America's true stake in Egypt.
As Egypt unravels, it has naturally called into question whether the U.S. should continue subsidizing the Egyptian Army. The basic premise of U.S. aid has been unchanged since the 1970s and was summed up nicely by a U.S. embassy cable released by WikiLeaks:
President Mubarak and military leaders view our military assistance program as the cornerstone of our mil-mil relationship and consider the USD 1.3 billion in annual FMF as "untouchable compensation" for making and maintaining peace with Israel. The tangible benefits to our mil-mil relationship are clear: Egypt remains at peace with Israel, and the U.S. military enjoys priority access to the Suez Canal and Egyptian airspace.
Leave aside whether it's really necessary to keep bribing Egypt's Army to stop it from doing what it is very unlikely to do in the first (start a new war with Israel) and focus on the only benefit directly related to American security and economic interests: passage through Suez.
Is that worth $1.5 billion a year and the enmity of some of the Egyptian people?
That's a tough call and one the Obama administration is undoubtedly wrestling with.
One way to help frame the question is to ask what would happen to passage rights through the canal if the U.S. did sever aid. Michael Rubin suggests that the hard currency generated by canal traffic is far too crucial to the country to risk. Others have noted that throughout Egypt's upheaval, operations at the Suez Canal have not been impacted. This seems to suggest that passage through the canal is simply too important to the Egyptian regime (any Egyptian regime) to become a pawn in a diplomatic showdown.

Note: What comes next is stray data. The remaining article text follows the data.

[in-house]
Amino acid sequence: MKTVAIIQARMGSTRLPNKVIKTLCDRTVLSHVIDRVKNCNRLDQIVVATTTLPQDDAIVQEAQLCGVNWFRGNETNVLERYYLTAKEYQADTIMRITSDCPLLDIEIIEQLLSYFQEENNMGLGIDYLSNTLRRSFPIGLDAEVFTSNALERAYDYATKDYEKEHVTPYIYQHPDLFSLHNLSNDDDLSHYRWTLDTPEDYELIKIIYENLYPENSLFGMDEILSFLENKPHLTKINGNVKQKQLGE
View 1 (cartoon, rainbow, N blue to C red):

Of course, the U.S. could lose its priority access, which could slow future U.S. military operations in the region.
Another way to frame the question is to ask just what the consequences would be if the U.S. keeps the aid flowing. Perhaps some Egyptians would grow so resentful of U.S. support that they would join al-Qaeda or seek to harm U.S. interests. That has happened before, of course, but is this threat strong enough to over-ride the other interests stated above?
Ultimately, the money is more symbolic than anything else. It's insignificant to the U.S. budget, Egypt could survive without it and ending it is unlikely to irreparably harm vessel traffic through Suez. But it does buy the U.S. some measure of reassurance that a vital waterway will remain open to its vessels and East-West trade more generally. The real question Washington needs to answer is: is it happy with what it symbolizes?